Cooper instills fight into Lightning

Lightning right wing B.J. Crombeen fights Penguins defenseman Douglas Murray last season.
Lightning right wing B.J. Crombeen fights Penguins defenseman Douglas Murray last season.
Published Sept. 17, 2013

TAMPA — As soon as Jon Cooper heard the questions coming his way Monday, he laughed.

The Lightning coach knew where the conversation was headed because it has been part of every stop of his career.

Cooper's minor-league teams — while consistently successful with four championships — always have fought a lot.

In the past nine seasons they led their respective leagues in fights four times and have been in the top three eight times.

It makes you wonder if Cooper is channeling his inner Fred Shero, coach of the 1970s Broad Street Bullies.

But Cooper said those statistics "sometimes get blown out of proportion a little bit" because "we don't play a fighting style. It's just playing the game tough and playing the game honest. Fights will happen that way."

In other words, don't expect the Lightning to be the old Flyers — the team doesn't have that kind of roster anyway — but don't expect the Ice Capades, either.

Cooper has told players he expects them to play a gritty, physical, sandpaper-like game. And if things get rough, he expects players to stick up for each other with a mentality he compared to a "wolf pack."

"When you play the game hard, eventually you're going to (tick) somebody off," Cooper said at the Tampa Bay Times Forum. "When that happens, you can't run to the back of the line. You have to stick up for yourselves, and that's what we talk about, doing that as a unit."

"The message is clear: You stick up for your teammates and you play hard-nosed," said right wing Dana Tyrell, who played for Cooper last season at Syracuse, which was second in the AHL with 99 fights. "Everybody knows he likes to score goals and defense comes first. But if push comes to shove, you have to be willing to do whatever it takes for the team."


Hockey is a lot less violent than when the Flyers terrorized the league with as much punching power as scoring.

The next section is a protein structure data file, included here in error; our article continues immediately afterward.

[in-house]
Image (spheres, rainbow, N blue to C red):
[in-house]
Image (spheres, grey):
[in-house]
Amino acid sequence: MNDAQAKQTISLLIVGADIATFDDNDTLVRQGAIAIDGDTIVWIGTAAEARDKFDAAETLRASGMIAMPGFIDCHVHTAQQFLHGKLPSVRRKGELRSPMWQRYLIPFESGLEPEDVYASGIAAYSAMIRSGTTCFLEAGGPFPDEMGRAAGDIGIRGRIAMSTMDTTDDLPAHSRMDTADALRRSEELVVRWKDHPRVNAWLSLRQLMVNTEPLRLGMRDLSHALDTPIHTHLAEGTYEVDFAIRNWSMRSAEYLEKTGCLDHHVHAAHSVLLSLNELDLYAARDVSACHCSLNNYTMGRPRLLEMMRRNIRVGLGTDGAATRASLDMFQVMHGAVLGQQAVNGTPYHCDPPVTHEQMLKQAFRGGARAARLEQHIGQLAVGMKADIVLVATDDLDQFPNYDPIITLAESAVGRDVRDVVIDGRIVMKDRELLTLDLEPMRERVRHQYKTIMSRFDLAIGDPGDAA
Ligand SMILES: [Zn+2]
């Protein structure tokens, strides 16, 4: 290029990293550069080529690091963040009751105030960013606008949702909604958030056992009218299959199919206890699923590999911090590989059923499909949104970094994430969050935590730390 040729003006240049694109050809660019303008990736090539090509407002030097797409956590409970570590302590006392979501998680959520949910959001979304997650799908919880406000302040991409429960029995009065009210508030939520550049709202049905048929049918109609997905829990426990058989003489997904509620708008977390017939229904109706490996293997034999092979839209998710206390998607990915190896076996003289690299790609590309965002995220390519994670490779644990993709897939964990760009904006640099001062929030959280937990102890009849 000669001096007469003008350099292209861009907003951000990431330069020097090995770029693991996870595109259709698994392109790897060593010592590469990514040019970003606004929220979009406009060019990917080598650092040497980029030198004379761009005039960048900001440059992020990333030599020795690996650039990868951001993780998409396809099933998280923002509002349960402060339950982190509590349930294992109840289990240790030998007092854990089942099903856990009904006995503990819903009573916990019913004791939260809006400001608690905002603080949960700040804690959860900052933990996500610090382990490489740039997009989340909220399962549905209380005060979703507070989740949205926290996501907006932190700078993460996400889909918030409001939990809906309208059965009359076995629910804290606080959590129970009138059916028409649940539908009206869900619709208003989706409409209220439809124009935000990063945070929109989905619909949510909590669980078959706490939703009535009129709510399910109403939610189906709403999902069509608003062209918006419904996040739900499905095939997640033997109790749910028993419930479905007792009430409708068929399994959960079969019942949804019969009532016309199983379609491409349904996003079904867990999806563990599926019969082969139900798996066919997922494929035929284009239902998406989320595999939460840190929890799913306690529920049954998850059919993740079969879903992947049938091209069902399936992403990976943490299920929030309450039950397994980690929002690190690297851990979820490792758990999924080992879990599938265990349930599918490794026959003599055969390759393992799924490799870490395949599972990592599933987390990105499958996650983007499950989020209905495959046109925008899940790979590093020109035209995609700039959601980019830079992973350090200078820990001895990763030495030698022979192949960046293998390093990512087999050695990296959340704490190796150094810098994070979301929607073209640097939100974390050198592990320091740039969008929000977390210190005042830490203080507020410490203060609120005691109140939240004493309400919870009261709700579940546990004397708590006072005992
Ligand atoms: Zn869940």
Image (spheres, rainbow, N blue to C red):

Even so, Cooper said, "There's a little bit of intimidation still involved, and if you can pull that edge ahead of somebody else, why wouldn't you take advantage of that? You can play a brand of hockey where a team looks at the game and says, 'This is going to be a tough one. We're going to have to button the chin straps.' It can wear on teams."

The question with the Lightning is how to get a team steeped in its offensive skill to buy into Cooper's scrap-iron vision?

Look, said Cooper, who was promoted from Syracuse in April after Guy Boucher was fired, "This is a hard way to play. We have to build a mind-set. But in saying that, players have not gotten to this level without having some sort of fight in them. When it becomes part of your DNA and you see the results, then it just becomes another habit. But it takes time. You need players with the right fame of mind, but it's easier to build a wolf pack than having a lone wolf do it."

Said Radko Gudas, who played three years for Cooper in the AHL: "Finish your checks and do the little things more physical. It will start to get into the mentality of the team from one player to another."

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Okay, let's say it's not all about fighting. But as Cooper said, "If you play the game a certain way, eventually people start looking for you."

Which is why Cooper demands players have each other's backs. Which is why 22 Syracuse players fought last season — goalies, too — tied for second in the AHL, according to

"That's the mentality," said right wing Eric Neilson, who led the Crunch last season with 17 fights. " 'If you're not going to play tough and stand up for teammates, you're not going to play on my team.' With Coop, his mentality is if one goes, we all go. It's a group pack mentality."

"Not that it wasn't there in the past year," Tampa Bay right wing B.J. Crombeen said. "But we're going to make sure it's there every single night and every guy is willing to do what it takes to help the team stand together."

And that, Neilson said, builds bonds: "That's what you're talking about when you win that one-goal game and you're in the dressing room sweating together, bleeding together. It translates to good things in the locker room."

Actually, the Lightning fought a lot last season. Its 31 bouts were fifth in the NHL, and Crombeen led the league with 14.

Still, there is no true heavyweight. Not that it matters to Cooper.

"You can say Team A is really tough because they have the toughest guy in the league," he said. "But I'll take the team with a bunch of guys that game it out. That is the tough team."

Scrimmage: Marty St. Louis' goal at the end of a crisp two-on-one with Steven Stamkos gave the White a 2-1 victory over the Blue. Brett Connolly also scored for the White with a redirect of Jonathan Drouin's pass/shot. Ondrej Palat scored for the Blue.